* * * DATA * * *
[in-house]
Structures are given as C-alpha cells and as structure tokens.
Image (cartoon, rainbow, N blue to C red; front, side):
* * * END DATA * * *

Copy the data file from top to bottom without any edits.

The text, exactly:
[in-house]
Structures are given as C-alpha cells and as structure tokens.
Image (cartoon, rainbow, N blue to C red; front, side):